It’s All About the Journey

Through summer travel, Jewish teens are like the Israelites – wandering with a purpose.

by Rabbi David Levy

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As we turn in our Torah reading from Genesis to Exodus, we begin a journey that will take us on a 40-year trek through the desert following the exodus from Egypt. What’s always surprised me is how romantically this tumultuous journey is viewed by the rabbis and by Jewish tradition. It is remembered as a time of intimacy between God and the Israelites, as a honeymoon of sorts, where the Israelites grow into a people and forge the relationship with God that remains central to our tradition.

I think our tendency to look favorably on this story lies in the power of the journey it describes. Time spent out of our element, seeing new things and having new experiences, is a critical part of human development.

These kinds of opportunities, which place us in a bubble removed from the outside world, are especially powerful – and important – for teens. The chance to travel on their own with a group of peers, without the pressures of school, affects them profoundly. And to do so in a Jewish context adds a whole other dimension. For over 50 years, United Synagogue Youth has provided just such summer experiences for teenagers through USY on Wheels and USY Israel Pilgrimage. Tens of thousands have traversed the continent and traveled to Israel and Europe under our auspices. And each summer they return transformed, growing as individuals and equally important, as Jews.

One of the most frequent questions we get about USY on Wheels is, “Why would anyone want to spend six weeks on a bus?” Those who have already been on Wheels laugh at the question. Our alumni know that it is all about the journey. As we learn from the Israelites, one can wander with purpose. Deep friendships are forged through traveling and living together. A tremendous sense of accomplishment is gained from successfully making the journey from coast to coast and back. And a sense of independence develops as teens explore new places and cultures, without their families.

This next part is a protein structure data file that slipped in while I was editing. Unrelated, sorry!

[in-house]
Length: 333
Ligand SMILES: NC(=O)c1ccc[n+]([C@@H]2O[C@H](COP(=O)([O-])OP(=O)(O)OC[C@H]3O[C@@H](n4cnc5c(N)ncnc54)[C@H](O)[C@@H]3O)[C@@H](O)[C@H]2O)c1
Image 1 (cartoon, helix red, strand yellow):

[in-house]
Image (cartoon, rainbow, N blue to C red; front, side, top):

All of this serious growth happens while the kids have the time of their lives. Wheels participants visit incredible sites across North America, from Mount Rushmore to the Grand Canyon, Disneyland to Yellowstone. They visit museums, attend concerts and do volunteer work along the way. What I find most remarkable is that it is all created anew each year.

Each Wheels bus or Israel Pilgrimage group exists only once. We have no grounds, no fixed space. There is no coming back next summer for the same experience – the staff and group will be different, the hotels, sites and educational program will change. This impermanence creates a unique challenge and opportunity: how to create a fleeting community that makes a lasting impact? The same is true of our travel. Will there be a Shabbat in Cody, Wyoming, if we don’t pull up and bring Jewish life off our bus and into the hotel? And what does this teach our USYers? If he or she can keep kosher or pray, or celebrate Shabbat anywhere in the world, surely they can do it on a college campus or in a new city.

In the end, that is the message of the time in the desert. The community is forged by the act of journeying together. It is this experience that prepares them to be a people in the Promised Land. We take our teens on a journey so that we can ready the next generation of Jews to take their place wherever that place may be.

Rabbi David Levy is Director of Teen Learning for United Synagogue of Conservative Judaism.